When choosing a dining table, one of the most important decisions is which type of wood to select. The wood needs to be durable to withstand daily use and cleaning, but also attractive to match your decor. Certain woods are better suited for kitchen tables than others based on factors like hardness, grain, stainability, and cost. 

In this article, we will compare some of the most popular and the best wood for tables to help you determine the option for your home.


An oak dining table stands as a timeless choice not only for dining surfaces but also for various other furniture selections. It is a dense hardwood that ranges in color from white oak with a light tan appearance to red oak with a reddish-brown hue. Oak has a pronounced grain pattern that looks beautiful with stains and finishes. It also has a natural resistance to scratches and dents due to its density and has a moderate cost. Oak complements both traditional and modern home decor styles.

The downside of oak is that the porous nature of the wood can show water marks if not properly sealed. The grain also splinters easily during construction. However, its durability and timeless beauty make it one of the best wood for dining table. 


Walnut wood has a rich, dark brown coloration and flowing grain pattern. It looks elegant for formal dining rooms but also adapts well to more casual spaces. The wood is naturally resistant to dents and scratches and is also less porous than oak. This makes walnut tables more resistant to water damage. The walnut stains nicely to enhance its beautiful grain patterns.

The major drawback of this tree is the high cost. Walnut lumber is relatively rare and difficult to source sustainably, so furniture made from this solid tree commands a premium price. However, the smooth finish and luxurious look make walnuts worth the investment for many homeowners.


Pine is an affordable softwood that takes stain well. There are several varieties of pine like southern yellow pine and eastern white pine that have different grain patterns but all have a light tan natural color. Pine is also environmentally friendly as one of the most abundant and renewable woods.

Since pine is a softwood, it can dent and scratch more easily than hardwoods. Pine also has a noticeable grain pattern due to its soft nature. While pine makes beautiful rustic dining tables, the softness requires more care and maintenance to keep it looking pristine. Using pine for a dining table top and hardwoods for the bases provides a compromise.


Maple is a versatile material suitable for both formal and casual kitchen spaces. It has a fine, straight grain that gives an understated elegance. The light color ranges from nearly white to light brown. Maple takes stains evenly for customized looks. It is also dense and durable, making it very functional wood for dining table top use.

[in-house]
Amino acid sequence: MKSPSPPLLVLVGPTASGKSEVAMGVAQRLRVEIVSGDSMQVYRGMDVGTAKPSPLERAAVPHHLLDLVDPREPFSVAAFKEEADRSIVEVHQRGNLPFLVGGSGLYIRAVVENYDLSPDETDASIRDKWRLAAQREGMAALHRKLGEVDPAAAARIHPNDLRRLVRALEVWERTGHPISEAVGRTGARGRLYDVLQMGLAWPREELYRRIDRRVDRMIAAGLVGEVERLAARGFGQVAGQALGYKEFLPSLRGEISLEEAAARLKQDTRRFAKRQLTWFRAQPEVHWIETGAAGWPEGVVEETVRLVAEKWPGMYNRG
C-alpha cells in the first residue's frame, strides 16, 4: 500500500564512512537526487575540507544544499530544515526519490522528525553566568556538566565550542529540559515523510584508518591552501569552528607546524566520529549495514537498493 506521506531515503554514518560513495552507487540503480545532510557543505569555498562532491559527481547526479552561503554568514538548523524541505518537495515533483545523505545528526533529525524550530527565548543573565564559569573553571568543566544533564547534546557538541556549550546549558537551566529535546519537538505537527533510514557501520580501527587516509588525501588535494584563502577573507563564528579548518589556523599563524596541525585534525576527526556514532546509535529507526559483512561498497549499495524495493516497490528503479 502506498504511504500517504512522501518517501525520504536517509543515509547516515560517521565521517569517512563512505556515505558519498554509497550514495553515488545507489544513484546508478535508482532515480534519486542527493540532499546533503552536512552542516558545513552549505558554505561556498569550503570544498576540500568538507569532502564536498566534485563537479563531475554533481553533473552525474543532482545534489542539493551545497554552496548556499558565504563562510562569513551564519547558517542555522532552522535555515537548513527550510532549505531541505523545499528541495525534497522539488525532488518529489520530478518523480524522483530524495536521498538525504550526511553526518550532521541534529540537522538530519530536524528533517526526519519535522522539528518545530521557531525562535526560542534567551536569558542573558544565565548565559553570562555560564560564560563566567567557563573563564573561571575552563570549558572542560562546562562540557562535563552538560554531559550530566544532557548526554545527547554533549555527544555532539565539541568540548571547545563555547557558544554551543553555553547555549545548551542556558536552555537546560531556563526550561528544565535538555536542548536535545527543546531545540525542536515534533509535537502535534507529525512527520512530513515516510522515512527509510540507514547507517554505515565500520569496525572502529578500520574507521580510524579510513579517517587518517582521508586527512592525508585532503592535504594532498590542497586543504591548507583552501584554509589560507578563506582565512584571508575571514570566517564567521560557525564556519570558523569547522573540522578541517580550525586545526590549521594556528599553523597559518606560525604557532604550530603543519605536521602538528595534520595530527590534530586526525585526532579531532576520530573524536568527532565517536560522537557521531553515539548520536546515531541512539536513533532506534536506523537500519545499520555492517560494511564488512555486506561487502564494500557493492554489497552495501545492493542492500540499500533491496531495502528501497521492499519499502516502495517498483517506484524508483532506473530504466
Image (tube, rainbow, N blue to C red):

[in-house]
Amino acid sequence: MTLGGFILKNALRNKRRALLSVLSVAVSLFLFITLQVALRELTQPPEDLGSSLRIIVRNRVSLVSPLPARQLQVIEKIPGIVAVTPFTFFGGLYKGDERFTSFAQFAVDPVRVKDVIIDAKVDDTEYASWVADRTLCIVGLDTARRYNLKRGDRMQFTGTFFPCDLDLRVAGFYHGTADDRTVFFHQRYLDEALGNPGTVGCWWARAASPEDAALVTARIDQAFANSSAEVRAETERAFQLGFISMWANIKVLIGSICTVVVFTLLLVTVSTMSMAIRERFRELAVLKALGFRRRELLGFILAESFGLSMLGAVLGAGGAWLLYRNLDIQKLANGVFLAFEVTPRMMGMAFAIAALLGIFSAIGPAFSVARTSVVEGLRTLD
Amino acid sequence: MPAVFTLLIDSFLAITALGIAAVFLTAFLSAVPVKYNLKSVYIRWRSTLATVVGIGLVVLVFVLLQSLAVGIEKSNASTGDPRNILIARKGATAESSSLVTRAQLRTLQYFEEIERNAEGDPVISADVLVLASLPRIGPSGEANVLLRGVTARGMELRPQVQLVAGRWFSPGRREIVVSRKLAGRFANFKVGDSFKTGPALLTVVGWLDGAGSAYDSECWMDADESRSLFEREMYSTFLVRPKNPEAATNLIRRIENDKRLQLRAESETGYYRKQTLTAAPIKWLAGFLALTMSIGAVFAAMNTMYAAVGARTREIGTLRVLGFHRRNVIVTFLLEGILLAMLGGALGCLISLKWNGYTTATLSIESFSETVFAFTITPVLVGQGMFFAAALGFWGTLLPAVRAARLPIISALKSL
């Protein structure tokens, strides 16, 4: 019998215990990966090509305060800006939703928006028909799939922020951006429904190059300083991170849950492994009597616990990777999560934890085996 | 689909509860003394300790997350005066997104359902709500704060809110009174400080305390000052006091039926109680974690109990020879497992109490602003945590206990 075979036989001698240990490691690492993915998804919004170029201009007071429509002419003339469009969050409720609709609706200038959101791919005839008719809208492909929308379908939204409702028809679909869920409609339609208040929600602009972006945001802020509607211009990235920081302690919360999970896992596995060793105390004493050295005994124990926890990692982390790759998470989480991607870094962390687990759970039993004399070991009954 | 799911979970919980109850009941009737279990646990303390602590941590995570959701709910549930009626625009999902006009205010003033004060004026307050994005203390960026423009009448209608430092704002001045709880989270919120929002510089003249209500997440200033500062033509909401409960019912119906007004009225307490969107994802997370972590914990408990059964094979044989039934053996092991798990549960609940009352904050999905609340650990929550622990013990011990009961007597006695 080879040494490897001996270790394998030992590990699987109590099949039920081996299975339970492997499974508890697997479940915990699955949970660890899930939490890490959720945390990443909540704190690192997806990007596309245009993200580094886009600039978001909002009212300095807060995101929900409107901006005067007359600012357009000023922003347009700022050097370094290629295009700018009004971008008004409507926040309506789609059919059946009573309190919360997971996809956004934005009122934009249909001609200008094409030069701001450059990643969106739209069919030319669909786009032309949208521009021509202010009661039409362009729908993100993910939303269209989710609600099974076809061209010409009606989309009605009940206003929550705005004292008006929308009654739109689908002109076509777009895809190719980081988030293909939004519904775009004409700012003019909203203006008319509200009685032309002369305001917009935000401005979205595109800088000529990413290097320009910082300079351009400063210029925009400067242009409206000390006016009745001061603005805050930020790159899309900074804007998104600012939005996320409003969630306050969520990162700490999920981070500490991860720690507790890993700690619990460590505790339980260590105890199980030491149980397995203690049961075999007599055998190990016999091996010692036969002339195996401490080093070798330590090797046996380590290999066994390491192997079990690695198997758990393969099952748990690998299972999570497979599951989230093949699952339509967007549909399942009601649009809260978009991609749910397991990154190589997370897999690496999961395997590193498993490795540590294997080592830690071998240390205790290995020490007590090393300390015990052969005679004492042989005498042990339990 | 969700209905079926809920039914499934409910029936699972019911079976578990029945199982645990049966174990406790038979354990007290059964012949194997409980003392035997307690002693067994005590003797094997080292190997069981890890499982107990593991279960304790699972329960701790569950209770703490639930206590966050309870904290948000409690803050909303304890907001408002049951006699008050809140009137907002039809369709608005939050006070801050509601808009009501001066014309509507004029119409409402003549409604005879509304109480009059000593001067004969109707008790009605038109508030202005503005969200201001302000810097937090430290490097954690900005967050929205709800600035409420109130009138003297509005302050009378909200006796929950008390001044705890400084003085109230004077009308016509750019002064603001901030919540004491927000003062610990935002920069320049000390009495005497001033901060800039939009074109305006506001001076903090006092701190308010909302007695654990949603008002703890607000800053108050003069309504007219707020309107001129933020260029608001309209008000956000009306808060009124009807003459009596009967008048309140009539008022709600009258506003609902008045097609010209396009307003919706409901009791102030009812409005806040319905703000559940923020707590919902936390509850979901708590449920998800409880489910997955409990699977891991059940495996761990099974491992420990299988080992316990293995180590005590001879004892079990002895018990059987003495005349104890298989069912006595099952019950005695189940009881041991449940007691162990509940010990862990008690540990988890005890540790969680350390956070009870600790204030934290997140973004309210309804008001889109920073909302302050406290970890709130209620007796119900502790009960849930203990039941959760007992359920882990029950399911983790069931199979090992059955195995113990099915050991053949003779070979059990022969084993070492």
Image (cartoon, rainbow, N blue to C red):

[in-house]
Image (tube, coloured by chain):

The downside to maple is that it lacks the dramatic grain patterns found in woods like oak and walnut. Maple also costs more than pine but less than exotic hardwoods. While maple is beautiful, it does not make a strong style statement like other woods.


Mahogany has a distinctive reddish-brown coloration and striking grain pattern. It has a timeless character that looks elegant in traditional eating rooms but also in modern spaces with the right stain. Mahogany is naturally resistant to scratches and wear. It is also among the most durable woods for dining tables.

True mahogany imported from tropical regions can get very expensive and raises environmental sustainability concerns. More affordable alternatives include African mahogany and American mahogies like Honduran mahogany. Still, mahogany costs more than woods like oak or maple. The cost can be justified by the classic beauty and longevity of a mahogany kitchen table.


Teak has a one-of-a-kind appearance with a golden brown color, natural oils, and distinctive grain patterns. It has natural weather and moisture resistance. The Teak holds up well over time and does not require a protective finish. The natural oils also give teak antimicrobial properties. This makes teak an excellent wood for eating tables either indoors or outdoors.  

However, teak furniture comes at a steep price. Due to high demand and dwindling supplies, teak wood must be imported and is not very eco-friendly. Teak dining tables may cost several times more than other hardwood options. But teak's resilience and gorgeous appearance offer an heirloom-quality dining table that justifies the investment for many.

Choosing the Best Wood for Your Dining Table

When selecting an eating table wood, consider the overall style you want to achieve, your budget, and how it will stand up to use over time. More durable hardwoods like oak, walnut, maple, and mahogany make the best dining table tops that will last for years. 

More affordable softwoods can be used selectively for rustic kitchen tables or table bases. Chat with your furniture builder for advice on picking the ideal wood for your new table. With some careful selection, you can choose a beautiful wood to match your dining space.